set up to release the fractured and melodic. this second compilation from stolen recordings is DIY alt-rcok at its best. kicking off with the fantastic 'Heartbreaker' by Mathew Sawyer and the Ghosts it packs in 22 more gloriously strange tracks.

-Dazed and Confused

Welcome back to the international pop underground. the year is 2007; we're in the UK. Everything is distorted, upbeat, magical- everything is bright, shining, ringing. The sound of a thousand pop kids with just enough cynicism in their hearts, clutching guitars and keyboards to their chests, bashing them, thrashing them. The names, to me, are legendary already; to mark alongside IPU names form the past such as The Chills, The Bats, Beat Happening, TV personalities, Kicking Giant, Marine Girls. Names like Pete and the Pirates, Tap Taps’ elusive, effusive groove, the delectable shimmering otherness of Mathew Sawyer and the Ghosts, Pet Politics’ melancholy succour the Godlike unapproachable acappella genius of Spinmaster Plantpot. Jesus, there are 23 of them here, on the verge of another quiet revolution as the world spins on, regardless. Fucking nice.

-Everett True, Plan b Magazine

"This is the second compilation from stolen recordings and it's limited to 500 copies in their usual high quality packaging. it contains music from britain, europe, america and japan. and is impossible to describe simply. the 'great british weird' of the factory owners, mathew saywer and the ghosts 'stunning depth and wistfulness', californian / japanese fuzz from black patterns from saturn, the ghost of flying nun manifesting in a 19 year old from london with artefacts for space travel. then the gorgeous sadness of blanket and the surreal oxen of the sun. pete and the pirates with the distorted pop of 'knots'. screaming tea party 'nexus of electricity' and japanese poetic lyrics. the broken and tender 'charlie may' from candy. the instrumental strangeness of 'demon fountain' with jim white on drums. the epic, glorious 'tearaway' and young city drinking with the hot silk pockets 'panda eyes'. the brilliant ghost club and the beautiful 'ski kichigai-o'. the classic 'dark blue sea' from sweden's pet politics. and more from the pop perfect tap tap. and lots more...unknown and amazing music."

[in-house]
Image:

-Rough Trade (spotlight feature 2nd July)


Even better than last year’s 21 track compilation, Stolen’s second compilation collects 23 examples of the sound of now. There’s a real sense of spontaneity about this record, of capturing the moment, and the label augments the Stolen roster with bands on other UK labels and further afield (Sweden, Japan and New Zealand). You might not like every track – difficult when it goes from guitar noise assaults, extreme electronica and gentle folkadelica – but everything is new, wired and vital.

There are so many good songs that everyone could programme their own compilation of favourites from this record. Mine would start, as this album does, with Matthew Sawyer and the Ghosts whose Modern Lovers-style bright pop chaos of ‘Heartbreaker’ contains a thrilling swirl of darkness. Stolen release the Blue Birds Blood album in September (it’s out on Catbird in the US now) and on the basis of this song I’m desperate to hear it now. To my tracklisting of faves I’d add another Catbird artist, Pet Politics, whose pine-scented Swedish Americana, ‘Dark Blue Sea’, is redolent of Bonnie “Prince” Billy.

Stolen’s own Pete and the Pirates produce some short but pacey clatterpop on ‘Knots’ while the wonderful Tap Tap pound away on ‘If You Can Dance’. Hot Silk Pockets would easily find a way in with their rhythmic dance pop (‘Panda Eyes’ - shades of Love is All). For noise, Screaming Tea Party’s punky-pop ‘Between Air and Air’ stands comparison with the mighty Mclusky while Shimmy Rivers and Canal have the same C86 atonal blasts as Bogshed and Big Flame on ‘Hadrian’s Wall’. For variety I’d add the Abba meets My Bloody Valentine tortured but melodic electropop of The Temporary Shelters’ ‘Tearaway’, The Blanket’s ethereal goth-folk weirdness of ‘Vroom Vroom Bang Bang Bang’ and the shy girlie indiepop of Jesus Licks and their ‘Marry Me’.

If you’re ever feeling jaded by all the Kooks, Nashs and Penates stinking up the indie world, throw this brilliant record in your CD player for a breath of what’s fresh.